Approximately 13.2% of US drivers are younger than age 25, with 37.7% in the 25-44 age group, and 49.1% in the 45-and-over-category. For a r

Question

Approximately 13.2% of US drivers are younger than age 25, with 37.7% in the 25-44 age group, and 49.1% in the 45-and-over-category. For a random sample of 200 fatal accidents in her state, a safety expert finds that 42 drivers were under 25 years old, 80 were 25-44 years old, and 78 were at least 45 years old. At the 0.05 level, test whether the age distribution of drivers involved in fatal accidents within the state could be the same as the age distribution of all US drivers.

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Madeline 1 week 2021-11-25T05:51:58+00:00 1 Answer 0

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    2021-11-25T05:53:08+00:00

    Answer:

    could not be the same

    Step-by-step explanation:

    Given that approximately US drivers are agewise as follows:

    <25   13.2

    25-45   37.7%

    >45   49.1%

    Observations are made for a sample of 200 fatal accidents.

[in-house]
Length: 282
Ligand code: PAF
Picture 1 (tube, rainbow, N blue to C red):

Let us create hypotheses as

    H_0:  Proportions age wise are the same as for US drivers\\H_a: Proportions are different

    (Two tailed chi square test at 5% significance level)

    Age <25 25-45 >45  

    Expected 13.2 37.7 49.1 100

    Observed 42 80 78 200

    Expected no  26.4 75.4 98.2 200

    Chi square 9.218181818 0.280636605 4.155193483 13.65401191

    df = 2

    p value = 0.001084

    Since p <0.05 we reject null hypothesis

    At the  0.05 level, the age distribution of drivers involved in fatal accidents within the state could not be the same as the age distribution of all US drivers as there seems to be significant difference.

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